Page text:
“Well, I guess I’m in the right place at the right time now, aren’t I?” I laughed.

“Touché! Ha! But yes. We have a lot to talk about, don’t we?”

I leaned back in my chair, not questioning her assumption. It turned out she was right.

Two hours later, I knew both nothing and everything about her. It seemed like the best start possible.

Dilemma

Her birth name was Dilemma. No one called her that except for me. Everyone else called her “Lemma.” Dilemma told people she had no idea where her birth mother came up with the name. That wasn’t true, though, as I learned one late Friday night. We had separately exited our studio apartments to find a quiet place outside. The other two or three tenants preferred to sit in the patio area. I preferred being alone.

We were both sitting cross-legged on the plank porch, holding bottles of tequila and gin, swapping sips from each other’s bottles. We’d have splinters tomorrow. Tomorrow was a year away when I was with her. Dilemma occasionally pretended to spit into whichever bottle she was about to hand to me. I responded by licking around the rim of the bottle and laughing.

Over the last few weeks, we began to seek each other’s company in the evenings. Most of the time, we sat in silence. Some nights, Dilemma wanted to talk. She was well-educated, though she wouldn’t divulge any specifics. I knew she could speak two other languages and at times I suspected she might have a photographic memory.

Dilemma leaned towards me, a little unbalanced. She pretended to whisper as I leaned toward her. She then shouted, “My Dad told my Mom he’d kill her if she insisted on giving birth to me. That was the dilemma.”

I nodded, waiting for her to continue. Dilemma always had a follow-up or footnote. Sometimes she waited a week to connect details to something she mentioned.

“Needless to say, Dad woke up the next morning with a gun stuck in his crotch. Mom had it cocked, too, no pun intended. ‘You have until 9 a.m. to get out of this house and out of my life. If you don’t, well…’ and pushed the gun painfully into his boxers. He just nodded. That’s what my Aunt Dill told me, anyway. I like that story.” Dilemma nodded as if to punctuate it was my turn to say something. I made a mental note to ask about Aunt Dill later.

Just as I was about to utter something hilarious, Dilemma shouted, “Hey, I wasn’t done talking!”

“Okay, fire away,” I told her.

“I was going to say, it’s your turn to talk now.” She grinned.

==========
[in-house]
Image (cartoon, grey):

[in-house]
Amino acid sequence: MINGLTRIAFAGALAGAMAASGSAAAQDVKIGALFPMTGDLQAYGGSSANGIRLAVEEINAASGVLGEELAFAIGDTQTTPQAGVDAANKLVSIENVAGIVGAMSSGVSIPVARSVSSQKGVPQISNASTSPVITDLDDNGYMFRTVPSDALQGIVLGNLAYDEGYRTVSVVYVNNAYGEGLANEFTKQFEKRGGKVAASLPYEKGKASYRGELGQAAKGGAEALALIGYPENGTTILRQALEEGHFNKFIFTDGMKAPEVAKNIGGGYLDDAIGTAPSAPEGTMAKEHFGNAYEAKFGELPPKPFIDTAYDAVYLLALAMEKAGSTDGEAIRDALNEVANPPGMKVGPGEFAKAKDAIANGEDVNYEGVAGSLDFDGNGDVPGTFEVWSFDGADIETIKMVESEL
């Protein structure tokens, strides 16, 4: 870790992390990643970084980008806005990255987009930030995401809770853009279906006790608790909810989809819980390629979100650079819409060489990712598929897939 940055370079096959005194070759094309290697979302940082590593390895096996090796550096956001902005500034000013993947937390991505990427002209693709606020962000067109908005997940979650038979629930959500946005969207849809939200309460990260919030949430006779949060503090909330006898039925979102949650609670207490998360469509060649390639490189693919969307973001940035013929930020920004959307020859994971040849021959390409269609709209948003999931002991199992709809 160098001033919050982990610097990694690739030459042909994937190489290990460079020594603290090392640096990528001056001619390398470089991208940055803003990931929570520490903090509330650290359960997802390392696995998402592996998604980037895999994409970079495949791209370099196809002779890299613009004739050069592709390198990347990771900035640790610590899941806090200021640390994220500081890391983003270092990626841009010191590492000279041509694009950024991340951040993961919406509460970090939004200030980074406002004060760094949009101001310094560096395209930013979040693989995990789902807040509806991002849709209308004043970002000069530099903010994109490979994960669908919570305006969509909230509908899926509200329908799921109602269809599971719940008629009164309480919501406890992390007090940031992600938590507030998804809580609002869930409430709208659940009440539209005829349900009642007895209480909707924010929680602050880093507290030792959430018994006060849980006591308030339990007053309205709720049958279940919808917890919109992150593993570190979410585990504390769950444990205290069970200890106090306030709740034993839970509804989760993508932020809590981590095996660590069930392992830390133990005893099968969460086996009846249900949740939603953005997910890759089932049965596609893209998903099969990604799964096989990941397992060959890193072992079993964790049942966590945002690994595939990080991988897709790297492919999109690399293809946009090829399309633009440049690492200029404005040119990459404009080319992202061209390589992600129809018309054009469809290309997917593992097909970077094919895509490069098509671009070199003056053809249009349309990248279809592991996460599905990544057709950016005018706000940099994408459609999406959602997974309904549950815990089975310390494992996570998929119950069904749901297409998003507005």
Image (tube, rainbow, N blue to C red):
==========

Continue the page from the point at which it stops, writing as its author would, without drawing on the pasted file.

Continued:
“Did you know that your nickname Lemma means several different things? Like part of a plant, or a Greek word for ‘assumption?'” I nodded, to pass the conversation back to her.

“Well, you’re a stalker, aren’t you, Dane? Ha!” She took an excessively long drink of tequila.

“Are you making a play on the words ‘plant’ and ‘stalker?'” I asked her. “If you are, you can do better.” I laughed.

“No, better is for jerks. Can I ask you a favor? Would you lean over and kiss me? I know we’ve never kissed. That’s okay. Just get it over with.” She winked at me.

I should have known better. As I leaned in to peck her on the lips, she kissed me and wrapped her hand around my head, stuck her tongue between my lips, then surprised me by spewing a surprising amount of tequila in my mouth. She howled with laughter as I coughed and sputtered. As my eyes burned, Dilemma laughed harder.

As I regained my breath, I asked her, “What did you do that for?”

Dilemma leaned in and kissed me on the mouth.

“I wanted you to know that if you go forward with me, life is going to have a lot of tequila-in-the-mouth moments.” She smiled and took another drink. She winked again and asked me, “Do you trust me?”

I laughed, leaned over, and kissed her again. Whether there would be more tequila was anyone’s guess.

She certainly was a dilemma.

Plans Change

Trevor stopped a few miles back. As he filled the gas tank on his dad’s 1985 Plymouth Gran Fury, his next move came to him. For a month, his mind nibbled at the idea of changing his life completely. His girlfriend moved to Texas at the beginning of summer. She settled into a routine as the fall semester started. Last week, she casually mentioned that it might be an excellent place for him to visit. Or live. Trevor had planned to start classes at the community college in Georgia, where his uncle owned a shop. He also had a loft above the garage that was Trevor’s for as long as he wanted it.

He went back inside the convenience store and bought a large black coffee. He sat in the passenger seat with the door open, sipping at the coffee. It was the first cup of black coffee in his life. The taste was bitter to him, but the heat was welcome. By the time he reached the bottom of the cup, Trevor knew he wasn’t going to college, at least not in Georgia, and he certainly wasn’t returning here. Texas seemed like a great place to start a new life.